New Endings – March 7th Exposure Gallery London, the first solo show for Ben Slow, or Slow Ben, depends how well you know him. Slow showcased his latest works to a packed out crowd, prints and originals, yours for between £200 and £2000. The exhibition is live for 4 weeks total and the Gallery is open daily on week days.
Slow’s style has evolved from portraits to something hyper real, black and white portrait styles cut with shards and angles in colour, something of Tron about it. These pieces take one female subject as their focus and split the images almost in to pieces of puzzles.
‘It’s a step away from the safety of what I know and into something new and exciting. It’s important for me to experiment and to be uncomfortable, to question things and go seek answers. It’s been a challenge collating a body of work that I am proud of to showcase for the first time. There has been a lot of trial and error, plenty of mistakes made but that’s a good thing, it’s healthy to fuck a painting up every now and then.’
Head to Brick Lane and you will see numerous pieces by Slow, a bit of a break from the high colour style you usually see on London walls.
It is a well known fact that French people are cool. They dress cool, they sound cool, they act cool (some call it arrogant) they make very cool music, take a bow Air, Daft Punk, Phoenix, Serge Gainsbourg, Justice and Vanessa Paradis… Add to this list a certain Melody’s Echo Chamber
Melody Prochet is a Parisian lady of some note, stunningly magnetic, awkwardly entrancing, acutely cute and an effortless lil style icon to go with it. Her music is melodic (obviously) and tinged with reverberating sound effects, wailing electric guitars and plinking pianos, set to Melody’s beautiful voice. Seeing as the album was mixed in Perth by her love interest, one part of Tame Impala (Kevin Parker), it is no surprise that the song sounds a little bit… Tame Impala, there is some Air in some tracks, a bit St. Etienne a little bit Massive Attack.
On March 5th at Scala Melody’s Echo Chamber played to what can only be described as a sausage-fest or bearded swaying-ness. A grotty venue no doubt, but lightened by the angelic tones. A solid 7.5 out of ten as the set seemed over all to soon.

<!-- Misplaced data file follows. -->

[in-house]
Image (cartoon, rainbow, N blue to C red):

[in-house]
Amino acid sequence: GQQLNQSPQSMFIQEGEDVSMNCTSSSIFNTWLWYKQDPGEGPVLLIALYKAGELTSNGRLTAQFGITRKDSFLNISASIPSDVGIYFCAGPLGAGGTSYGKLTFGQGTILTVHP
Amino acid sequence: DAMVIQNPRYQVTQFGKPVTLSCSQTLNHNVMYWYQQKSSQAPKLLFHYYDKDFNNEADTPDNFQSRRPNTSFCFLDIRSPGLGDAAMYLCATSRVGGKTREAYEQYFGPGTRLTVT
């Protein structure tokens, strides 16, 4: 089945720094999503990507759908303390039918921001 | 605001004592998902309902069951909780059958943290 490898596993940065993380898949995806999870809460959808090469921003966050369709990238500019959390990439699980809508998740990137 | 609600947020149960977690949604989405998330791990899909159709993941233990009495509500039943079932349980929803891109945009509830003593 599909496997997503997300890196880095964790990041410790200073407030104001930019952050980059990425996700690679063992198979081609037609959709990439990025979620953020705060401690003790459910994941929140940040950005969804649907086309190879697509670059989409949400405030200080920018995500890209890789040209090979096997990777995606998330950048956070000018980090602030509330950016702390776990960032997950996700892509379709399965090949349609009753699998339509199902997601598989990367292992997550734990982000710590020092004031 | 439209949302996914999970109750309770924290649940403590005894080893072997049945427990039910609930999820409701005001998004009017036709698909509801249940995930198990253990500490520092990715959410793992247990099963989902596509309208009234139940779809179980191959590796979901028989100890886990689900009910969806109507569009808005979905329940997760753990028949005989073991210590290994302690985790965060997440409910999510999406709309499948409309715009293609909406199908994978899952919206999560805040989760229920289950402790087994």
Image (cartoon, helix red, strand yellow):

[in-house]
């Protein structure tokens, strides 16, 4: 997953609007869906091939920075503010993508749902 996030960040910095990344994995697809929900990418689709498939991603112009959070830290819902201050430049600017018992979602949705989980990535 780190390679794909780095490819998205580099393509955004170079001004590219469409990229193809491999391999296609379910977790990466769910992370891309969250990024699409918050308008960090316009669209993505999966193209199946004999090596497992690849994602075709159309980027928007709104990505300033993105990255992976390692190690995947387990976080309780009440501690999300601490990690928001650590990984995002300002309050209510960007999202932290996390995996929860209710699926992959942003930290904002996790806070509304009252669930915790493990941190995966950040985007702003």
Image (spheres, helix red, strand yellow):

One of the most seminal artists of the modern era and one that even a heathen would recognise. Mr Roy Lichtenstein was born in 1923 in Manhattan New York, the exact place that he died some 73 years later, by this time he had influenced a generation with his take on art and his use of modern advertising and imagery found in comic books.
The exhibition currently running at the Tate Modern in London is a whistlestop tour through his stages in thirteen rooms, from his early discovery of his now iconic styles through experiments, sculpture, Chinese Song dynasty influences and up to the end of his life and his artistic career.
Along with Warhol, Jasper Johns, James Rosenquist defined a movement and one of the most exciting ones ever, the influence of modern brands taking art away from more traditional areas and injecting some humour and irreverence.
It has been said that Lichtensten actually was fed up with being seen as purely a pop artist and his iconic use of dots to create depth and shade actually limited his scope of work. Unconfirmed but you would can forgive the man for feeling that way.
Lichtenstein: A Retrospective at the Tate Modern London runs until May 27, plan to book your tickets to avoid queues and disappointment. One of the finest exhibitions around and worth a re-visit. SF will be heading there again soon